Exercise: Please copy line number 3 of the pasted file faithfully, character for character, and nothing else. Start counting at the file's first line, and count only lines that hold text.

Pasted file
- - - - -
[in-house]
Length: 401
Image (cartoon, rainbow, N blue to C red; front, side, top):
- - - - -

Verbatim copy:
Image (cartoon, rainbow, N blue to C red; front, side, top):